Simply put, the writing is on the wall, and it’s not hard to imagine national legalization of adult marijuana consumption in the near future.

Money Talks

So many parties are moving toward the legal usage of cannabis by adults because the plant isn’t the only green they are seeing.

According to Arcview Market Research, the legal cannabis market could soon reach $57 billion in size — that’s up from $9.2 billion in 2017 across all of North America (including Canada).

That works out to 20% annualized market growth for an entire decade.

And contrary to popular belief, North America isn't the only burgeoning hub for marijuana sales. Just last year, Germany, as the de-facto leader of the EU with $1.3 trillion in annual medical spending, moved to legalize the use of medicinal cannabis in pharmacies.

For anyone willing to dig into the weeds (no pun intended), the reality is that there's certainly money to be made in this growing market.

That said, while the marijuana industry is growing at a white-hot rate, we wouldn't recommend buying hyped-up stocks like Tilray unless you're trying to day trade.

Despite revenues for the first six months of 2018 of just US$17.6 million, the company has sported a market capitalization 3x higher than that of U.S. Steel (NYSE: X) this week.

It should go without saying that that's absurdly expensive, even for a growth stock.

What we're witnessing here is scarcity pushing public investors into only the most obvious of weed stocks, and there are only a few out there for the masses to flock to.

This means high-profile weed stocks, particularly growers, are becoming overvalued and incredibly risky.

The reality, though, is that there's a much safer option for investing in cannabis, one that will literally pay you dividends on a regular basis.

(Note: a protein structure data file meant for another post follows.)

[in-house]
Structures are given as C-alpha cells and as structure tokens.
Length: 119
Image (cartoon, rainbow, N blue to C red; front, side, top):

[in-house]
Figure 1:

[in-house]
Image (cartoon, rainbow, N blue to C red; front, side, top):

You see, you don't have to invest in growers directly to get a piece of the emerging marijuana market. You can actually invest in the facilities and real estate they all rely on.

The best part is that after the growers pay the companies that own those facilities, those companies then turn around and pay you. Crazy as it sounds, it's true.

Investment veteran Briton Ryle calls these payouts "Reefer Royalties," which I can't help but chuckle at. Sure, it's a little cheeky, but it's entirely accurate, too.

For anyone interested, you can find all the details here

Until next time,

  JS Sig

Jason Stutman

follow basic @JasonStutman on Twitter

Jason Stutman is Wealth Daily's senior technology analyst and editor of investment advisory newsletters Technology and Opportunity and The Cutting Edge. His strategy for building winning portfolios is simple: Buy the disruptor, sell the disrupted.

Covering the broad sector of technology and occasionally dabbling in the political sphere, Jason has written hundreds of articles spanning topics from consumer electronics and development stage biotechnology to political forecasting and social commentary.

Outside the office Jason is a lover of science fiction and the outdoors, and an amateur squash player at best. He writes through the lens of a futurist, free market advocate, and fiscal conservative. Jason currently hails from Baltimore, Maryland, with roots in the great state of New York.